January 6, 2008
Life would be so much easier if people just said, "I don't like you." Think of all the time it would save. No more lying to get out of relationships. No more trying to figure out what you might have done to make someone distant or wondering if you're being paranoid. They wouldn't even have to offer a reason. "I don't like you" is all I need. Knowing where they stood would be enough.
A few weeks ago I met someone at a party and instinctively knew that she didn't like me. I could tell. Even before we were introduced she had been standing nearby and I saw her give me a look. It was a look one woman gives another woman which conveys a mild and silent revulsion; invisible to everyone else in the room.
Usually there is no justification for this look so it seems irrational. And when you mention it to someone - a mutual friend - the friend will invariably tell you that you're imagining it. Especially if the person who gave you the look is more popular. Which for me, is often the case. Then I regret having said anything at all. I'll think to myself, she appears to be a warm person. To others.
When you get the feeling that a likeable person doesn't like you, it's best to keep it to yourself. No good can come from mentioning it.
If you ask a friend for confirmation, you're not going to get it. And then if you do, it's even worse.
There will be a fleeting satisfaction knowing you were right which will immediately give way to a desperate need for more information. And this won't make anything better. Plus, now you know that the person who doesn't like you has talked about not liking you to other people. Who needs to know that?
Of course everyone reacts differently. Some people respond to not being liked by trying to win people over. I don't have that kind of energy. When I get the feeling someone doesn't like me, I'm relieved. It's one less person I have to worry about alienating.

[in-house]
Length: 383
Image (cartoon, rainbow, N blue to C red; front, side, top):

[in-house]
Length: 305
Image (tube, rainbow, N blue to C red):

The problem is, no one ever comes out and says it directly, which leads me to spend hours wondering if my instincts are on target or not and trying to figure it out. This is time I could spend obsessing about other more pressing matters. Like why someone hasn't called.
When it comes to being disliked on first sight, gender plays a part as well. If a man dislikes me on sight, I assume it's because he's not into me and who cares. With a woman, it's more serious. It could be any number of things. The only time being disliked doesn't play out along gender lines is when I'm in a restaurant. Then there's no confusion. Both waiters and waitresses hate me and I know why.
I do understand not wanting to hurt someone's feelings but I've always felt straightforward rejection is far more considerate. I've been rejected plenty of times and the more direct the better. Especially when it comes to relationships. There's something missing? Fine with me. You can't see a future with me? No problem. I can't see a future with me either.
I'd much rather hear that someone doesn't like me because chances are, I don't like him either and at least then we have our mutual dislike in common.
Then again, "I don't like you" is one thing. That I can handle. "I don't like you any more" is another story. Then it gets messy. This means at one point I was liked but now - not so much. What could have happened? There's only one explanation. They got to know me.